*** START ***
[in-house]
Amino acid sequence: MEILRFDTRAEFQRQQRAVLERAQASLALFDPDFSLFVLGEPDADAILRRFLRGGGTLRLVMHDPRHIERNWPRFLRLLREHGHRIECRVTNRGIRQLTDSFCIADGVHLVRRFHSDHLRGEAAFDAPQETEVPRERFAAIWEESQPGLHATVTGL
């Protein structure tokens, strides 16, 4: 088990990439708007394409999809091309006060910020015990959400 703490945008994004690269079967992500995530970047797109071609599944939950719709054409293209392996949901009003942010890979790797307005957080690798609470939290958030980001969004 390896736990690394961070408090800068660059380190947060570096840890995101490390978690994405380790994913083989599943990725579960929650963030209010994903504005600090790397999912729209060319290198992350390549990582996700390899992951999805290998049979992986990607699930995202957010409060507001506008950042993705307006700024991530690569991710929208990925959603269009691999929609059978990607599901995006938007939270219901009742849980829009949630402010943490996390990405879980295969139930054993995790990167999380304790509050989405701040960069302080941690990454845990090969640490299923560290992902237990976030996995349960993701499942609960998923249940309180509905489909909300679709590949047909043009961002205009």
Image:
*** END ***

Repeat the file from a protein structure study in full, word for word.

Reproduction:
[in-house]
Amino acid sequence: MEILRFDTRAEFQRQQRAVLERAQASLALFDPDFSLFVLGEPDADAILRRFLRGGGTLRLVMHDPRHIERNWPRFLRLLREHGHRIECRVTNRGIRQLTDSFCIADGVHLVRRFHSDHLRGEAAFDAPQETEVPRERFAAIWEESQPGLHATVTGL
């Protein structure tokens, strides 16, 4: 088990990439708007394409999809091309006060910020015990959400 703490945008994004690269079967992500995530970047797109071609599944939950719709054409293209392996949901009003942010890979790797307005957080690798609470939290958030980001969004 390896736990690394961070408090800068660059380190947060570096840890995101490390978690994405380790994913083989599943990725579960929650963030209010994903504005600090790397999912729209060319290198992350390549990582996700390899992951999805290998049979992986990607699930995202957010409060507001506008950042993705307006700024991530690569991710929208990925959603269009691999929609059978990607599901995006938007939270219901009742849980829009949630402010943490996390990405879980295969139930054993995790990167999380304790509050989405701040960069302080941690990454845990090969640490299923560290992902237990976030996995349960993701499942609960998923249940309180509905489909909300679709590949047909043009961002205009």
Image: